HELP THE CHILD NOTICE HIS OR HER OWN BODY AND WHAT IS HAPPENING INSIDE FOR THEM. The more the child is in his or her own body there is less room for malevolent spirits to enter. Part of the growing up process, is to teach the child to take control over his own body. Ask the child, “What to do notice inside you.” It is not so important that the child have a name for it, only that the child stops beating on his younger sibling and focus inside to the feeling of hurt, disappointment, anger, jealous, etc. Usually even the youngest child can describe what is happening. My 7-year old son described how his body was being squeezed to death even though he was only sitting on someone’s lap and no one was touching him. Only several days later did I fully understand. I was given sugar in a cola base to test levels of blood sugar. After the medical tests, I went home and laid on my bed where I felt like I was on a medieval rack and someone was pulling each leg and arms a different direction. But, that is the experience some children have with sugar and sodas in their diets.
MAKE IT SAFE TO FEEL. In order for the child to express him or herself, the child needs to feel like the big person is in his or her own body and will protect the child to experience whatever this feeling is. Some children will even throw things at the parent because they are aware that parents are worried or anxious and not providing the safety that the child needs. Sometimes, the child is too busy experiencing the feeling and cannot tell you what it is or why. That is why they need the parent to be totally in his or her own body and available to help the child. Early in my journey, I was told to get help for me as a person and as a parent. That was and still is good advice.
START EARLY. One of the guest speakers I would have in my juvenile delinquency classes that I taught at Virginia Commonwealth University was an attorney. As many of my own students were wannabe attorneys, they were stunned when he confessed that in the third grade he held a knife to one of his classmate’s throat. He then went on to explain why he was so angry and frustrated sitting in a classroom not being able to respond like the other students. Lucky for him, someone got help for him. He received accommodations for tests while in college, law school and the bar exam (exam to be permitted to practice law). Now, he advocates for children with disabilities.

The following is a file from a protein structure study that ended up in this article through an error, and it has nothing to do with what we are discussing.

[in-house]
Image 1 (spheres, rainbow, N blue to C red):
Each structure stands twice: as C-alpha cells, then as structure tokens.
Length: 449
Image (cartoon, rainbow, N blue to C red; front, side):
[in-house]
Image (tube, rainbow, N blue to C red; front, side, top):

HOW DO I KNOW THIS?
In 1975, I was a welfare mother, living in public housing. Even though I received a government grant to study for a Ph. D. Degree in Sociology (Criminal Justice) at Washington State University, those were tough times. I remember the night I was flying back from Seattle, Washington, having done some research on police stress. In the darkness of the commercial plane, I was reading a book in which the author had listed seven factors for teenage boys in being incarcerated in a state correctional facility. Of the seven listed, my 7-year old violent child had four of them. He was too young to have the other three. I cried. I cried and put up an earnest prayer for help. I knew that without divine intervention and new ways of dealing with these children, my precious son and other sons and daughters of God could become lost.
Over all those years, help has come through many persons teaching me so that I could teach others. My latest textbook Juvenile Justice System: Law and Process, 2nd edition, was dedicated to Samuel, my son, “who through his violent behavior as a child, taught me to see the gaps in the criminological theory and to broaden my knowledge into newer, non tradition treatment and prevention for juvenile delinquency. Thanks, Sam, for being the laboratory experience for the degree work.” In that textbook Chapter 9 is dedicated to Key Elements for Innovative Prevention Programs. It describes all the data that was available in 2000 that dealt with brain development, learning styles, multiple intelligences, psychological and sociological studies. That work could not have been accomplished without my obtaining a dual degree in law and social work.
If you are a parent reading this, welcome to this journey. You can stand on the shoulders of some of us pioneers! Glad you are here. I was getting lonely.